As Dana Priest collects bouquets for her selfless reporting on the outpatient treatment at Walter Reed, Howards Kurtz reveals a little too much about Ms. Priest's motivation.
Kurtz' Media Notes column starts out:
"To the Army's public affairs chief, it was simply an effort to 'get the facts out from our perspective.'
To Dana Priest, who covers national security for The Washington Post, it was a case of Army officials 'shooting themselves in the foot, because reporters are not going to trust them.'"
Ummm, because, you know, the reporters have always blindly trusted them before.
"The Post last week gave the Army six days to respond to the paper's investigation into decaying, cockroach-infested facilities and an overwhelmed patient-care bureaucracy at Walter Reed Army Medical Center in Northwest Washington. The Army's public affairs office used the time to summon journalists from other news organizations to a briefing at which Walter Reed's commander responded to the findings -- in an article that had not yet been published." ...snip...
"When journalists seek a response from a government agency on a pending story, there is generally an understanding that the information will not be shared with rival news outlets before publication. Such unspoken agreements, however, are hardly iron-clad. Treasury Department officials last year gave the Wall Street Journal declassified information about a secret program to track the banking records of terror suspects after failing to persuade the New York Times to kill a planned story on the subject." ...snip...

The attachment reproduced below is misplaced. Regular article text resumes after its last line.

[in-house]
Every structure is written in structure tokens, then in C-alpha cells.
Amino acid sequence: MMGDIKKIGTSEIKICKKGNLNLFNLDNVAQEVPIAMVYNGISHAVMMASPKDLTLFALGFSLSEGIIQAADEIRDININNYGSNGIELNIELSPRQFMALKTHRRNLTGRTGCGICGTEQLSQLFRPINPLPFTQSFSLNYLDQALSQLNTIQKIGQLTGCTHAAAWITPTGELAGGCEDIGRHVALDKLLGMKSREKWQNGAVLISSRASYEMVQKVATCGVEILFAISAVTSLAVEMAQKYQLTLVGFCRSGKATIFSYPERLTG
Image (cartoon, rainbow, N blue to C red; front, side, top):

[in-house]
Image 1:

I see. It's not really about the troops. It's about scooping the competition.
Priest, who reported the two-part series with Anne Hull, says she told an Army public affairs officer this week: "How do you think this is going to affect our relationship? Do you think I'm going to be willing next time to give you that much time to respond, if you're going to turn around and tell my competitors?" ...snip...
Not to mention that Priest sat on the story for four months and allowed untold numbers of soldiers to suffer untold misery. She and Hull kept this secret from not only her competitors, but also Congress, and anyone within the military system who could have addressed the situation. She and the WaPo chose to cause the most embarassment possible by plunking this on page A1 right during the most sensitive debates we've had yet in Congress and in the streets of America over the war.
"As for Weightman's complaint that the paper should have notified the Army of its conclusions earlier in the process, Priest called that 'ridiculous,' saying: 'You find wrongdoing and you don't report it to the public first? You report it to them first? That's not our role.'"
That's right, Dana. I guess in your world, it's your role to scoop the competition. Let someone else worry about the troops.